Responding to a surge in applications, the Ohio Department of Natural Resources (ODNR) has issued rules for new applications. After being relatively unused for decades, the unitization statute (R.C. 1509.28) has found new life in the current shale play and the state agency overseeing the process decided it was time to lay down some groundrules.
The new rules mostly serve to clarify the statutory requirements, but there are few substantive additions that aren’t required by statute:
- Affidavit of attempts to lease. Most notably, the new rules require applicants to describe their efforts to lease the remaining acres in a proposed unit. The operator must identify specific details of each attempt to lease the mineral rights, including the dates of the attempts and the names of people contacted. This has long been an aspect of mandatory pooling, and has been a part of recent unitization orders, but until now was not a prerequisite to apply for unitization.
- Visual depictions of the proposed unit. The rules describe specific dimensions and content requirement for maps and aerial photographs of proposed units.
- Description of geological formations. The rules require a gamma-ray density log depicting the geological formations to be drilled in the proposed unit.
- Large exhibits at hearings. As the audiences grow at unitization hearings, the new rules require applicants to bring large visual exhibits depicting many parts of the application (including the maps and aerial photographs of the proposed unit, and depictions of the geological formation).
Check out the new rules at the …
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Mineral and land owners in Ohio who are presented with a proposed lease from a landman or oil company often launch an intense study of royalty provisions, development covenants, delay rentals, Pugh clauses, well spacing and the like. They often refer to the Internet, land owner groups, owner-oriented attorneys and other resources. Like so many things, it turns out that our forefathers pretty much had it figured out. I recently reviewed a 1901 oil and gas lease from Putman County; my thoughts and observations are below.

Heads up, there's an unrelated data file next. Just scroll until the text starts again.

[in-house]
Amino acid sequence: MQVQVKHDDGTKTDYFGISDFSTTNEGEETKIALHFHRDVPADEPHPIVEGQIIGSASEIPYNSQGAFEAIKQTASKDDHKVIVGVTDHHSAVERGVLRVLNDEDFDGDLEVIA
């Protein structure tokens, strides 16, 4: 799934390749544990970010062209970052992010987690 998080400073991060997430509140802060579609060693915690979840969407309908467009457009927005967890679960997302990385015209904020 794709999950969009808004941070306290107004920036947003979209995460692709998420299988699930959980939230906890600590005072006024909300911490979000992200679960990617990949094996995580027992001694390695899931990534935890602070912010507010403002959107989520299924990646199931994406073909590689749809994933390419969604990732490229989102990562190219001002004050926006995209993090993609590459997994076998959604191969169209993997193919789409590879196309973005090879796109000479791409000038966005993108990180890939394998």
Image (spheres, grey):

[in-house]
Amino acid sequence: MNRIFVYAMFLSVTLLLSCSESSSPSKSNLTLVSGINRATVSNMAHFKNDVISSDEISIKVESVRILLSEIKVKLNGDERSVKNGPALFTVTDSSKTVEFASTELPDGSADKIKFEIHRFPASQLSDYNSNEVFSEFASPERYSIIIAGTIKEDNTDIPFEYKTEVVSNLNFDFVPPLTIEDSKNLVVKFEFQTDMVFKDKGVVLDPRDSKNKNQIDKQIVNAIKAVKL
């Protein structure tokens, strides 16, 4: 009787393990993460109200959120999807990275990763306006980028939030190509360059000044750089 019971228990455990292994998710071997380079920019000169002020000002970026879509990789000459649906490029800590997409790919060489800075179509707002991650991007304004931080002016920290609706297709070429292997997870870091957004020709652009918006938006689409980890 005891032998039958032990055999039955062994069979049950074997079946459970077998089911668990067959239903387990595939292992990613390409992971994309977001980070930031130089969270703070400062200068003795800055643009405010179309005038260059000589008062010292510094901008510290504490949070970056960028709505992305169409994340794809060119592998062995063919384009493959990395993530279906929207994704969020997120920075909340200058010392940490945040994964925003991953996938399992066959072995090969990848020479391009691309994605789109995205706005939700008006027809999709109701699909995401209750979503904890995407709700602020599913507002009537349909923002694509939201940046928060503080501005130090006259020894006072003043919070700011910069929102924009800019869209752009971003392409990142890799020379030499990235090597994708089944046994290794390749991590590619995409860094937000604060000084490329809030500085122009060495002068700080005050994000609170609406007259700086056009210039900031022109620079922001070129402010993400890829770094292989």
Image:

The lease was granted by Noah Moser to The Sun Oil Co., an Ohio corporation, on Sept. 19, 1901. The recordation of this transaction is hand written into the Putman County records by the recorder. The consideration, what is today called the “signing bonus,” was $80 for a 160-acre parcel. (In today’s dollars, that’s an “economic power” of $56,300, or $352 per acre.)
In the two-page document, Mr. Moser granted all the oil and gas in and under the described premises together with the right to enter at all times for the purpose of drilling and operating for oil, gas or water. This included the right to erect, maintain and remove all buildings, structures, pipelines and machinery necessary, provided that Mr. Moser retained the right to farm the land not actually used. Just what one would expect. But here’s where Mr. Moser shows he knew what he was doing:…
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This is the second post in a two-part series examining ownership of minerals located under bodies of water and roads. See part I discussing the ownership of minerals under adjoining waters.
Who owns the minerals underneath public roads in Ohio? This is really two questions:
- What ownership interest does the state, county, or township have in the land underlying the road?
- What is the rule for abutting landowners in the event the government owns less than a fee simple absolute?
Historical Ownership Interest of the State, Counties and Municipalities
Over time, the interest acquired in the land underlying roads has changed for states, counties, and townships. Ownership interests are transaction specific, but there is a general trend. Municipal roads were usually taken in fee, while roads outside municipalities are likely to be easements unless they were granted in the past 30 years, in which case they are likely to be held in fee.…
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